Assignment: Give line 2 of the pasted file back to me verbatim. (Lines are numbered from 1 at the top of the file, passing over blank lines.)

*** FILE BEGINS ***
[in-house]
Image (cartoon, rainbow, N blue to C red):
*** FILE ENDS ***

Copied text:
Image (cartoon, rainbow, N blue to C red):